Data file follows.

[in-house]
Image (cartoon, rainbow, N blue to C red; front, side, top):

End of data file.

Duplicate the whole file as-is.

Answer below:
[in-house]
Image (cartoon, rainbow, N blue to C red; front, side, top):